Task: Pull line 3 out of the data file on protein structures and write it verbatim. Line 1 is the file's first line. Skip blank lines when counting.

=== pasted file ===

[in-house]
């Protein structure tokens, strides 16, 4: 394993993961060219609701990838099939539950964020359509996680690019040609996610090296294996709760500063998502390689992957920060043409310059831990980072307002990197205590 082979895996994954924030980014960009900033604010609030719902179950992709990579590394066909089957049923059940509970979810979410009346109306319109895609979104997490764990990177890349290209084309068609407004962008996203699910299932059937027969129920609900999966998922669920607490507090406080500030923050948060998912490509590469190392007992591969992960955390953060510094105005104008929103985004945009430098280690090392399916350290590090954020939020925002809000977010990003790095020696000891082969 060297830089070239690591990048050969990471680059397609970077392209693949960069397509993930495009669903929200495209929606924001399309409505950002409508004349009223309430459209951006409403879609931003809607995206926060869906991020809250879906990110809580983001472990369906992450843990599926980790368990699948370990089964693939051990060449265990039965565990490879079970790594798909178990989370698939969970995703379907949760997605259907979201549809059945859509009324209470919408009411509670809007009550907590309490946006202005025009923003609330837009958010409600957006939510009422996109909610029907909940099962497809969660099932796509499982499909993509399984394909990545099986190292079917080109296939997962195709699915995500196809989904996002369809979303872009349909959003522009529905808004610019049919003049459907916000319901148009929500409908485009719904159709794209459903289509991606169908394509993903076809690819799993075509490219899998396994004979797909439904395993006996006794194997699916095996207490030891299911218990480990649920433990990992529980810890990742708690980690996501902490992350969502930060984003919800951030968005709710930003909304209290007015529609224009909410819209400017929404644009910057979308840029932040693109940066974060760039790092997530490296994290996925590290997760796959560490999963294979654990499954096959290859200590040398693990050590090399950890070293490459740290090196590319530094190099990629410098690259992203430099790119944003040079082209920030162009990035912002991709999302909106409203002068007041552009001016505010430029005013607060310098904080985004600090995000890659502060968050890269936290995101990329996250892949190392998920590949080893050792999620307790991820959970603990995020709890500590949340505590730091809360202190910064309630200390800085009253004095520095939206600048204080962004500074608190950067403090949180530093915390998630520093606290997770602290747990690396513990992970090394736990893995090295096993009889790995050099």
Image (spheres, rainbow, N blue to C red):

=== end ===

Image (spheres, rainbow, N blue to C red):